"Why do I say this?"
The following study investigated the relationship between relapses and disability progression for outcomes of requiring assistance to walk, being bedridden and dying from MS; i.e. EDSS 6, 8 or 10 respectively.
This group has previously shown no effect of relapse frequency among progressive MS subtypes (a post that caused many comments).
In this study, however, the researchers examined these measures in the relapsing-remitting phase.
Frequent relapses in the first 2 years and a shorter interval between early attacks predicted shorter times to reach disability endpoints.
For example, MS'ers with one attack in the first 2 years took 7.6, 12.8 and 20.3 years longer to reach EDSS 6, 8 and 10, respectively, when compared to MS'ers with 3 or more attacks in the fist 2 years.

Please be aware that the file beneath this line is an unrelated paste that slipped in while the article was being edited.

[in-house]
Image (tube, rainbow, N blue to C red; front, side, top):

Relapse frequency beyond year 2 did not predict the key outcome of secondary progression or times to EDSS 6, 8 or 10.
Conclusion: This study suggests there are two distinct disease phases related to late disability outcomes and that theses phases appears to be separated by a watershed within the relapsing-remitting phase, just a few years after clinical onset.
Scalfari et al. The natural history of multiple sclerosis: a geographically based study 10: relapses and long-term disability. Brain. 2010 Jul;133(Pt 7):1914-29.
"Therefore suppressing early relapses within the first two years of disease onset may be more effective in modifying later disease progression than suppressing relapses after the first two years from disease onset. This may explain the different efficacy results between the phase 2 and phase 3 Alemtuzumab trials; the phase 2 trial recruited subjects within 3 years of disease onset and the phase 3 trial within 5 years of disease onset."
"It will be very interesting to see the sub-group analysis of the phase 3 Alemtuzumab trial comparing study subjects with a disease duration of less than 2 years with those with a disease duration of more than 2 years. Any bets on the results?"